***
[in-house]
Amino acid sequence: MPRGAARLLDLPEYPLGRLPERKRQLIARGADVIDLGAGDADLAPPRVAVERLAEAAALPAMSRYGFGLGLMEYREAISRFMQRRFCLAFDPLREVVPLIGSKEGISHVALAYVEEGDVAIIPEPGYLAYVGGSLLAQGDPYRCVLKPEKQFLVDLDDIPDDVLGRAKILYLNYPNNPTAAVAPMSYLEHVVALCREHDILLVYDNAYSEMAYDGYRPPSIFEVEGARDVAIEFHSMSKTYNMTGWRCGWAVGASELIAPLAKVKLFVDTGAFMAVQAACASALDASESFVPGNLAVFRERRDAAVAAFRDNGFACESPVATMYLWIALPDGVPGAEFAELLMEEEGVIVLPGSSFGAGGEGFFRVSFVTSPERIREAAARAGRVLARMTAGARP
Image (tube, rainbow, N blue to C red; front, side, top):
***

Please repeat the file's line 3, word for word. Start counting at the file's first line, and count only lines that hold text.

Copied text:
Image (tube, rainbow, N blue to C red; front, side, top):